I was a founding member of CNET news and hardware editor at CNET, a contributing technology reporter for the New York Times, and a reporter and editor at the Asian Wall Street Journal Weekly — the latter in Japan, where I lived for ten years. Currently a contributing reporter for Fox News.
Which puts a huge amount of pressure on Microsoft. It needs to deliver a version of Windows that will allow the hardware to live up to all the gambles made in Vegas by the end of 2020.
Let’s take a look at the CES successes powered by Microsoft’s Windows 10.
Intel produced a concept device, obviously to show what its chips can do with new laptop forms, but the fact that it was showing off the new form as a foldable laptop with a single screen taking up the screen, bending round the inside hinge, and then down over the space normally associated with the keyboard is a clear indication that this is a route it is comfortable with.
How about two of Dell’s examples; the ‘Concept Duet’ which shows a twin screen no physical keyboard design, and the ‘Concept Ori’ which is closer to a tablet design that can hinge upwards into a laptop style angle.
While Asus didn’t go for a flexing screen, the Asus ZenBook Duo also works on two screens, although here the second screen shares the bottom half of the laptop design with a physical keyboard.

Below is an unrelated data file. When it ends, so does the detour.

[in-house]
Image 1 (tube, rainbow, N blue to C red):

The there’s Lenovo’s Thinkpad X1 Fold, which does go with the full screen that curves into thing when closed just as a normal laptop.
But there’s a literal twist to all of these innovative laptops. At CES they were all running Windows 10 Pro, a workmanlike solution at this early stage but not refined to make a seamless foldable or dual screen device feel like magic.
All this amounts to pressure. The early announcement of Windows 10X, coupled with the Surface Neo release window of Q4 2020 has created a hard deadline for the OS team to deliver not just to the Surface team at the Redmond Campus, but to Microsoft’s key hardware partners who have shown their hand at CES.
Microsoft has always looked forwards into the future but it usually remains behind closed doors until everything is cooked. With multi- and folding-screen technology, it has decided to share that future vision today. Let’s hope that Microsoft has thought carefully about delivering to that timetable.
I am known for my strong views on mobile technology, online media, and the effect this has on the public conscious and existing businesses. I’ve been following this space for over ten years, working with a number of publishers, publications and media companies, some for long periods of time, others for commissions, one-off pieces or a series of articles or shows. As Scotland’s first podcaster, I continue to be a prominent voice in the rise of podcasting and new media online, and picked up a British Academy (BAFTA) nomination for my annual coverage of the Edinburgh Festival Fringe, alongside contributions to Radio 5 Live, the BBC World Service, presenting Edinburgh local radio’s coverage of the General Election. You’ll find me on Twitter (@Ewan), Facebook, and Google Plus.